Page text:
Hey Greg, as far as I know there is no optimum number of plugins for a website. I think it’s just a matter of checking your page load times and making sure your pages aren’t too heavy after each new plugin install.

    From what I’ve read, the size of your site can have a lot to do with how certain plugins effect the site. For example, the “Yet Another Related Posts Plugin” was known to cause issues when sites became bigger. If I remember right, the plugin was making too many requests to people’s servers causing them to crash.

    I checked out the Faststone Photo Resizer program you mentioned. It gets good reviews and looks pretty interesting. Thanks for the suggestion. I’ll probably just stick with Photoshop since it allows me to basically do the same thing without the install of another program on my system. I just create custom actions in Photoshop for auto resize, crop, etc of my photographs.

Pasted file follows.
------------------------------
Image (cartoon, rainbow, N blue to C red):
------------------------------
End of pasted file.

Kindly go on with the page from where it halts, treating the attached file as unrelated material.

I checked around to see if I could find any info on whether or not “CommentLuv” works on static pages but couldn’t find anything. Maybe the developers will be able to answer your question?

  7. prudhvi raj says:

    thank u bro…..really great one thank you

  8. furniture says:

    Hello! I’ve been following your web site for some time now and finally got the courage to go ahead and give you a shout out from Idaho. Just wanted to tell you keep up the great job!

  9. paleo says:

    Wonderful. Thank you for writing that. I will check to this site to find out more and recommend my coworkers about your site.

  10. Ahmad Raza says:

    Thanks for sharing this trick,,,it really works…

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  12. sandysmith says:

    Fantastic site. A great deal of tips the following. I’m just delivering the idea to a number of buddies ans as well sharing with yummy. And obviously, thank you in your efforts!